It’s the nightmare scenario: A pregnant woman goes to the hospital at Langley Air Force Base, Va., for prenatal care, but a doctor-ordered medical procedure allegedly aborts the 11-week-old fetus.
Read how the woman has filed a $1.7 million lawsuit against the government over the tragic mistake.
Also in this week’s edition, a senior airman charged in connection with the death of a 22-month-old girl at Dyess Air Force Base, Texas, is slated to stand trial on March 4.
Christopher Perez, of the 7th Security Forces Squadron, is accused of not reporting maltreatment of his girlfriend’s three young children, one of whom died from malnutrition and dehydration in August.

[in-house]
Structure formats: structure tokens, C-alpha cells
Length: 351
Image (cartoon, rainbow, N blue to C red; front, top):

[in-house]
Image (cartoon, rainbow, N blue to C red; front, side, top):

In other news, Tech Sgt. Elwood Wooden’s 11-year-old son is often denied child care services because he has epilepsy and cerebral palsy.
In one case, Wooden, a single parent, was told that his son could not participate in a summer program because his son’s disabilities posed a health and safety risk and exceeded the program’s ability to provide “reasonable accommodations.”
Meanwhile, Air Force Space Command is allowing some airmen to use their iPhones to check their work email and take their iPads to the flight line as part of an effort to integrate mobile devices other than BlackBerrys into Air Force networks.
And as the Air Force and other services face diminishing budgets, they may have to work more closely to develop the next fleet of unmanned aircraft.
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